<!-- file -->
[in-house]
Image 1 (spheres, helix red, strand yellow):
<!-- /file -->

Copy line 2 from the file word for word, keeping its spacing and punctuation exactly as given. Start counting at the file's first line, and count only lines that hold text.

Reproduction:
Image 1 (spheres, helix red, strand yellow):